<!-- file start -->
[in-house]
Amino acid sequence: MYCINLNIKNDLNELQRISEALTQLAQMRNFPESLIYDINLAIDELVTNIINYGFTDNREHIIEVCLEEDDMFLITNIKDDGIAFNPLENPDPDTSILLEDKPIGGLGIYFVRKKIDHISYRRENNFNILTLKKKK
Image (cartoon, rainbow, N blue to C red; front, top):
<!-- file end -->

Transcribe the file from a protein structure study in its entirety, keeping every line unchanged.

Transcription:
[in-house]
Amino acid sequence: MYCINLNIKNDLNELQRISEALTQLAQMRNFPESLIYDINLAIDELVTNIINYGFTDNREHIIEVCLEEDDMFLITNIKDDGIAFNPLENPDPDTSILLEDKPIGGLGIYFVRKKIDHISYRRENNFNILTLKKKK
Image (cartoon, rainbow, N blue to C red; front, top):